So there's no "eliminating quotas", or any other change in immigration laws. That's not realistic. In fact, quotas are being tightened through executive discretion. The only realistic pathway for most economic migrants into the US is the illegal way. There's also no "effective border crossing controls". The US-Mexico border is massively long, it couldn't be locked down even if Congress, by some miracle, gave Trump all the money his putrid heart desires.

    So I suggest you forget about the "effective controls coupled with lifting quotas" pipe dream, because neither side of that equation is happening. Make a realistic choice, between:

    1. turning a blind eye to the majority of "illegal" economic migrants who are peaceful and here to work for employers who hire them in voluntary employer/employee arrangements (I don't just mean illegal border crossers; a lot of "illegals" come in the Ayn Rand way: legally, but then overstay their visa)... but, at the same time, trying to police the minority who are criminals, and the employers who use force and threats to attempt to enslave "illegals" (best the authorities can do that; it's not gonna be perfect, or anywhere close to perfect, because immigration, especially when it's illegal, but even when it's legal, will result in higher crime rates).

    2. attempting to stop all of them (in an unrealistic scheme that involves building a $10B+ wall that will only stop some of them...in all likelihood, the most peaceful, non-criminal portion, while driving everyone into the arms of the cartels and the exploitative black market).

    P.S. Point number 1 can be coupled with a "macro" approach, that looks at what kind of people are coming into the country (intelligence agencies can be tasked with this, they're quite adept at snooping on foreigners, and it's mostly legal for them to do so), and, if there's an ACTUAL danger (as opposed to the manufactured one Trump fed to his mouth-breather base), action can be taken. The executive branch has a lot of power in deciding who to let in and who not to let in/deport if they sneak in, so the legislative stalemate doesn't prevent the White House from keeping the country safe from any threat to the American way of life...including purely ideological/political (initially non-violent) threats like Marxism.

    Even the notion of blocking entire countries (who refuse to cooperate with US efforts to investigate would be migrants) is justifiable, as long as it's, you know: JUSTIFIED. With evidence instead of demagogy and populism.

  14. On 2/3/2019 at 5:05 PM, softwareNerd said:

    IQ tests do measure some types of mental computational abilities. With all their issues, I think an employer could be right to say... I don't want anyone who score below NNN on an IQ test. So, maybe an employer uses  a cut-off of 80 for low-skilled jobs.

    There are many kinds of physical jobs, including relatively high skilled ones, that require very low computational abilities. I think a lot of low IQ individuals have to the potential to do impressive things. There are likely some highly successful athletes, for instance, with IQ under 80, including some in team sports where the selection process is extremely unforgiving, and you need both physical and social skills to advance through the many levels of selection standing between a talented kid and a professional career.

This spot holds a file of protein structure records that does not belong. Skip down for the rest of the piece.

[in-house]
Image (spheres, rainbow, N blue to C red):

Those athletes could just as easily be productive (significantly productive, well above minimum wage) doing all sorts of regular jobs that require physical agility, endurance, and the ability to work with others in a stressful atmosphere...as long as someone believed that it was worth it to prepare them for such a career. What's keeping low IQ individuals out of these jobs isn't that they lack the capacity for doing the job, it's the bias created by the Psychologists that built IQ up into the be all end all measure of a person's worth on the job market. And the fact that the education system is built on that premise.

    Jordan Peterson makes the argument that even the US military, which desperately needs personnel, turns away low IQ individuals. But he forgets that the military needed personnel far more than they need it now, at times in the past, and yet they happily turned away blacks when there was a societal, pseudo-scientific stigma attached to their skin color. And they turned away 50% of the population (women) from combat roles until this decade. So that doesn't mean anything. In general, the correlation between IQ and financial success doesn't prove anything. The cause can be the low IQ, or the general bias against low IQ. We would only know which if we actually gave these people a chance to prove themselves (that would involve changing the education system, where the bulk of the damage is done to the self esteem of people with low IQ...because school curricula and IQ tests are developed on the same premise that this narrow set of abilities are the only ones that matter).

  15. 36 minutes ago, Tenderlysharp said:

    This got me thinking about another statistic Jordan Peterson was talking about.  That 10% of Americans, the outliers, do not have a high enough IQ to be allowed into the military.  They are not smart enough to be shot at, yet they still need to be kept occupied with something productive to do so they don't run around tearing the world up.  One can have very low IQ and very high trait conscientiousness and still do a simple repetitive job much better than a robot can.   

    If IQ is an objective measure of intellect, then we have problem. But, like I said: Jordan is jumping to conclusions in a field outside his expertise. IQ is not a good measure of intellect, I don't care what the US military says (in this case...I actually do rely on US military studies on language learning, but this makes no sense whatsoever: the language learning stuff relies on studies, this does not). He's basically just saying "the US military says so, for unspecified reasons, so get on board...which is not a good enough reason to get on board.

    And, again: this is a pretty throwaway point he makes when people obsessed with the issue probe him on it. It's not his field of expertise. (check out his take on Islam, on youtube...that should illuminate his capacity for refraining from definitive statements on things he's not an expert on).

    He doesn't believe personality (which IS his field of expertise) is set in stone/genetics, so why would you ever take his word on the notion that intellect (especially once freed from the arbitrary bind to IQ) is set in stone/genetics?